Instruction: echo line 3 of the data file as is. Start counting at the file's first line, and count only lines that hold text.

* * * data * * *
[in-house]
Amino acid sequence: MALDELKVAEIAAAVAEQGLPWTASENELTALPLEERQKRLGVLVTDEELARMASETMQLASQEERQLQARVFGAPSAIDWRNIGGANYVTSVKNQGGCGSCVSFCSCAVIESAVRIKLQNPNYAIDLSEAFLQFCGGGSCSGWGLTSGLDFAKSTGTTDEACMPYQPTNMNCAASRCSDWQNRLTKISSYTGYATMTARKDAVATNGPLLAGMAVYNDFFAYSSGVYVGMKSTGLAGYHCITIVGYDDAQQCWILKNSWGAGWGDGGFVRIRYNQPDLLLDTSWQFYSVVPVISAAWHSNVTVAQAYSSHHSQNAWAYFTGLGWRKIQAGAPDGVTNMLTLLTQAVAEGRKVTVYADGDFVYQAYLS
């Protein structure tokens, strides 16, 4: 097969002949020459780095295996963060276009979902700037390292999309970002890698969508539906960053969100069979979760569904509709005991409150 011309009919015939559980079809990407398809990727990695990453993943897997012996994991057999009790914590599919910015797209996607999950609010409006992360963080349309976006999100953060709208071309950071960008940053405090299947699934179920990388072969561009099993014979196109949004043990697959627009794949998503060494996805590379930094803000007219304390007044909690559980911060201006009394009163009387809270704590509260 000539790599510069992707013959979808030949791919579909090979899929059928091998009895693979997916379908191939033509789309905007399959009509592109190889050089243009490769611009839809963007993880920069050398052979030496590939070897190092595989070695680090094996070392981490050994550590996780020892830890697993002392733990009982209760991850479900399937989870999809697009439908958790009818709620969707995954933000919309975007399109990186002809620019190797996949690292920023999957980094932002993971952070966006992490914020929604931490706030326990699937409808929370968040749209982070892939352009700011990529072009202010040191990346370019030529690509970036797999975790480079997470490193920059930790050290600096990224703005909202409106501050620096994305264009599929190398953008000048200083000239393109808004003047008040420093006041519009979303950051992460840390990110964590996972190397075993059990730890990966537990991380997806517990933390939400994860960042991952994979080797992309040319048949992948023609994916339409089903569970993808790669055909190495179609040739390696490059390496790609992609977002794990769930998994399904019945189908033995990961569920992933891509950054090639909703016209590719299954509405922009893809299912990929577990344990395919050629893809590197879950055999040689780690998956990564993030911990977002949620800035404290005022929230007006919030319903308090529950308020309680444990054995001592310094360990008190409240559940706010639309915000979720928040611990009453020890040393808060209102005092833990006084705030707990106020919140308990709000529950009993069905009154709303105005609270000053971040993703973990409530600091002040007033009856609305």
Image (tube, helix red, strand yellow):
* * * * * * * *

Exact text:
């Protein structure tokens, strides 16, 4: 097969002949020459780095295996963060276009979902700037390292999309970002890698969508539906960053969100069979979760569904509709005991409150 011309009919015939559980079809990407398809990727990695990453993943897997012996994991057999009790914590599919910015797209996607999950609010409006992360963080349309976006999100953060709208071309950071960008940053405090299947699934179920990388072969561009099993014979196109949004043990697959627009794949998503060494996805590379930094803000007219304390007044909690559980911060201006009394009163009387809270704590509260 000539790599510069992707013959979808030949791919579909090979899929059928091998009895693979997916379908191939033509789309905007399959009509592109190889050089243009490769611009839809963007993880920069050398052979030496590939070897190092595989070695680090094996070392981490050994550590996780020892830890697993002392733990009982209760991850479900399937989870999809697009439908958790009818709620969707995954933000919309975007399109990186002809620019190797996949690292920023999957980094932002993971952070966006992490914020929604931490706030326990699937409808929370968040749209982070892939352009700011990529072009202010040191990346370019030529690509970036797999975790480079997470490193920059930790050290600096990224703005909202409106501050620096994305264009599929190398953008000048200083000239393109808004003047008040420093006041519009979303950051992460840390990110964590996972190397075993059990730890990966537990991380997806517990933390939400994860960042991952994979080797992309040319048949992948023609994916339409089903569970993808790669055909190495179609040739390696490059390496790609992609977002794990769930998994399904019945189908033995990961569920992933891509950054090639909703016209590719299954509405922009893809299912990929577990344990395919050629893809590197879950055999040689780690998956990564993030911990977002949620800035404290005022929230007006919030319903308090529950308020309680444990054995001592310094360990008190409240559940706010639309915000979720928040611990009453020890040393808060209102005092833990006084705030707990106020919140308990709000529950009993069905009154709303105005609270000053971040993703973990409530600091002040007033009856609305």